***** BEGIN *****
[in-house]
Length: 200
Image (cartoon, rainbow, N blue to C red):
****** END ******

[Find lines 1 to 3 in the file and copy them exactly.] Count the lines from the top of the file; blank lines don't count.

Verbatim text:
[in-house]
Length: 200
Image (cartoon, rainbow, N blue to C red):